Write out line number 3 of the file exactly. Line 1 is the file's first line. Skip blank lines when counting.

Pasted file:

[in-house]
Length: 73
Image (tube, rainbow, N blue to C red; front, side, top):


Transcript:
Image (tube, rainbow, N blue to C red; front, side, top):